People who repeatedly violate downtown Rock Hill’s 2-hour parking limit, or don’t pay their tickets, could face stricter punishments this summer.
City Council considered changes to several parking laws Monday night, several of which would target repeat offenders by imposing increased fines and sending their cases to municipal court when they don’t pay.
The council, however, delayed action, wanting more input from downtown business owners.
Under the proposal, people would receive warnings on their first three parking violations. For the fourth through eighth violations, the proposed fine is a $10 fine, or $5 if they pay it within 30 days. Fines escalate to $25 for ninth through 13th , $40 for 14th through 18th violations and $60 for 19th and successive violations.
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If a person reaches 20 violations, or $400 in unpaid tickets, his car will be towed.
City Council members Kevin Sutton and John Black requested that the Council delay approval, suggesting even tighter enforcement and more input from downtown retailers.
“It’s always been one of those hot-button issues downtown,” Sutton said.
He and Black said people who repeatedly offend should see consequences before they reach their 20th violation.
Downtown development manager David Lawrence said the changes hopefully would give visitors and customers a chance for better parking, as well as create more turnover of spaces. Currently, downtown parking is handled by the city’s Economic Development Department.
“We do that because we’re trying to do customer service in that we’d like the prime parking spaces – the ones on the street near the restaurants and businesses – to change over throughout the day,” Lawrence said. “We’d like people to come and go, so we have this two-hour limited parking.”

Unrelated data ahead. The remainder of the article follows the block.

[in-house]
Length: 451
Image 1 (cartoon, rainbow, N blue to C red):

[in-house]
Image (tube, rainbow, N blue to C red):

Sutton and Black were also concerned that more downtown business owners had not expressed opinions on the enforcement ideas.
At Monday’s meeting, Old Town Bistro owner Lucas Giannatos said two hours is a good amount of time for customers and visitors.
“If somebody likes it and wants to stay all day, we have plenty of parking (downtown),” he said.
Michelle Sheehy, a manager with Periwinkle Cafe & Bakery, said she thinks the enforced parking is a good idea.
“I don’t know if it’ll bring more people downtown, but it certainly wouldn’t hurt,” she said.
Also included in plans for downtown parking is a $2,300 handheld device purchased last year.
By entering a car’s license plate number, a parking officer would be able to determine immediately whether the driver has violated downtown parking rules and, if so, the number of violations. The device would then print a ticket with the appropriate fine.
“We’re field-testing it now,” Lawrence said.
“That goes hand in hand with these changes.
“We need to have the changes so we can go forward with the device.”
July 1 was the intended start date for the new fines, which would give officials time to inform residents of the consequences.
With the final approval pending, a new start date was not yet available.
City Council voted to defer action on the new policy for at least 30 days.